09 Jul Indigenous People of Kings Canyon and Sequoia National Parks
On my first day here, as Ranger Meredith was driving us around to see both Sequoia and Kings Canyon National Parks, I began to think about the Native Americans who lived here. We had just visited Hospital Rock [pictured], a boulder painted with Native American petroglyphs and a site that had bedrock mortars in which the Native Americans would grind acorns into a powder and eventually make into food. I knew about Native Americans and the tragic history associated with them, but it was an abstract idea to me, kind of like Ancient Egyptians or the Aztecs; they were people from a long time ago that I only had a vague and general idea about.
As we were driving up the curvy mountain, it seemed crazy to me that Native Americans navigated these mountains by foot without the option of paved roads or clearly marked signs. I could barely walk around in hiking boots and with a map in hand! The idea that people could live and navigate these mountains for thousands of years, really stuck with me! I wanted to know more!
So I began researching about the Native Americans and found out that in California alone, there were more than 500 tribes that lived here for thousands of years. Approximately ⅓ of Native Americans lived in California prior to European contact. There were two main groups of people found in these National Parks, the Western Mono and the Yokuts. The Western Mono are thought to have come from the other side of the Sierra Nevada mountains, somehow becoming separated from the Eastern Mono, and adapted to the lifestyle here. The Yokuts were a much larger group, occupying the foothills of the mountains.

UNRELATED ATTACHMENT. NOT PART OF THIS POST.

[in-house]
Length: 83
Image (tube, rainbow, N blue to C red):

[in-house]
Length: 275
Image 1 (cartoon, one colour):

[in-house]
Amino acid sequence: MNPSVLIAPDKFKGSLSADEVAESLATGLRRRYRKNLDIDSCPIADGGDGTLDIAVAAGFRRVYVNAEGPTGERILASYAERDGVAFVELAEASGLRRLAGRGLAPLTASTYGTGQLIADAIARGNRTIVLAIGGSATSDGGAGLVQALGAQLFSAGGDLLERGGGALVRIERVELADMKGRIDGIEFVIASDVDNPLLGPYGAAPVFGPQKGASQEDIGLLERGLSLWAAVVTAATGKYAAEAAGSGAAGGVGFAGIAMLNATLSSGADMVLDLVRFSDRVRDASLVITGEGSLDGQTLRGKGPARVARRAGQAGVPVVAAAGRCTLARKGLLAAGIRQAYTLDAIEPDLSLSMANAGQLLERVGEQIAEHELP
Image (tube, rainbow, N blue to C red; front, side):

Native Americans were pretty in tune with nature. In the winter, they would live lower at the foothills of the mountain where there was no snow and in the summer, they’d live higher up on the mountain where it was much less hot. They even set prescribed fires in order to promote growth of plants that they ate and that the animals they hunted ate.
Beginning in the late 1700’s into the 1800’s, especially with the Spanish missions on the coast and the Gold Rush in the mountains, a majority of Native Americans were killed either by violence or disease. White settlers stole their land and committed mass genocide, not only in California, but all over the United States. Much of the cultures, languages, and histories were destroyed. To say it’s heartbreaking is an understatement. It also upsets me to hear people credit white European settlers with “discovering” things *cough* Columbus Day *cough.* It goes without saying that white settlers didn’t discover anything at all, except a continent already established by diverse indigenous people. It’s important to acknowledge the negative history of this country and to look at history from varying perspectives. I’m glad that I’ve learned more about the indigenous people in California and that they aren’t just a vague general idea to me anymore.